The reason behind it is that, as the food is being digested, your intestines require increased blood flow to support the process.

In normal cases, your heart rate would increase, followed by a constriction of arteries supplying blood to other parts of the body other than the intestines. This acts as a compensatory mechanism to keep your blood pressure high and prevent hypotension.

However, in certain conditions, your heart rate may not increase, and the blood vessels may not constrict. As a result, the increased blood flow to the intestines during digestion will affect the whole body causing blood pressure to drop.

This condition is more common in older adults, especially those with high blood pressure or heart disease. 

Treatment may involve lifestyle changes, such as eating smaller meals and avoiding triggers (such as alcohol), and an adjustment to your blood pressure medications.

If your blood pressure drops after eating, talk to your doctor to help you establish a management plan.

7. Hormonal imbalances

Hormones play a vital role in regulating many body functions, including blood pressure. When hormone levels are out of balance, it can lead to high or low blood pressure. 

Addison’s disease is a common hormonal-related condition that can cause low blood pressure.

It’s a rare condition caused by an adrenal gland disorder that leads to decreased production of hormones such as cortisol and aldosterone, resulting in low blood pressure.

In most cases, treating the underlying hormone disorder will correct the low blood pressure problem. However, in some cases, additional treatment may be necessary to keep blood pressure normal.

8. Severe allergic reaction

When you have a severe allergic reaction, your body releases chemicals that can cause your blood pressure to drop. This can make you feel lightheaded and dizzy. In some cases, it can lead to shock, which is a medical emergency.

If you have a history of allergies, be sure to carry an epinephrine injector with you in case of an emergency.

What Is A Low Blood Pressure Diet?

A low blood pressure diet is a kind of diet that focuses on certain foods and ingredients that can help increase your blood pressure levels.

In most cases, it may be the opposite of what you’ll expect from a diet meant to lower blood pressure.

1. Drink plenty of fluids

When you have low blood pressure, drinking fluids can help improve your blood pressure by increasing your blood volume.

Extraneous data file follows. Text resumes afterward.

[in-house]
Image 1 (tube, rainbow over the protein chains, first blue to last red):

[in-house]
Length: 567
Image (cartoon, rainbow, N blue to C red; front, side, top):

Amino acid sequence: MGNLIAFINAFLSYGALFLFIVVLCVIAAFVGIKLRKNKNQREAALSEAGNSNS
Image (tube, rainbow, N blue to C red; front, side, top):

When your blood volume is increased, your heart doesn’t have to work as hard to pump blood throughout your body. 

Drinking fluids also helps prevent dehydration, which can cause your blood pressure to drop.

In one study, increasing water intake by an additional 30 ml/kg body weight per day for two weeks increased daytime blood pressure from 89.0 ± 5.5 mmHg during regular intakes to 91.4 ± 6.4 mmHg.

There are many different types of fluids that you can drink to improve low blood pressure. Water is the best fluid for this purpose, but you can also drink fruit juices, sports drinks, and even soups or broths. Just make sure that you avoid caffeine and alcohol, as these can actually make your blood pressure worse.

2. Eat salty foods

Too much salt can raise your blood pressure which is why you need to limit your intake, especially if you have high blood pressure. However, in hypotension, a little bit more salt can help.

This is because salt retains more water and even draws it from the surrounding tissues. This increases the blood volume while constricting the blood vessels, thus putting pressure on the heart to work harder and pump more blood to the rest of the body, causing your blood pressure to rise.

While eating salty foods is not a long-term solution for low blood pressure, it can help improve the symptoms in the short term and make you feel better overall. 

While people with high blood pressure should not consume more than 2 grams of salt per day, you may need to take about 6 grams daily to bring your blood pressure up.

Just ensure you don’t get it from unhealthy sources such as processed foods. Instead, sprinkle a little more sea salt on your regular healthy meals and you’re good to go. You can also eat foods like olives and pickled vegetables, as they are often high in sodium.

coarse sea salt in star shaped blue bowl with sea and boat themed decor on whitewashed wood background

3. Boost your B12 intake

Vitamin B12 is a water-soluble vitamin that is part of the B-complex group of vitamins.